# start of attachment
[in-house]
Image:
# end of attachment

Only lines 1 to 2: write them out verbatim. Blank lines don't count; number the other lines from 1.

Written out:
[in-house]
Image: